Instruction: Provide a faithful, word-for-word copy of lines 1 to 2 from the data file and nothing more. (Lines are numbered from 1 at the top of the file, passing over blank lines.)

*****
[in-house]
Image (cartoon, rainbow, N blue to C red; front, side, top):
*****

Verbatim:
[in-house]
Image (cartoon, rainbow, N blue to C red; front, side, top):